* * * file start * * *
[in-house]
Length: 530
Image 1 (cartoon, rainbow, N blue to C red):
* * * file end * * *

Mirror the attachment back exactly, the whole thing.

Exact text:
[in-house]
Length: 530
Image 1 (cartoon, rainbow, N blue to C red):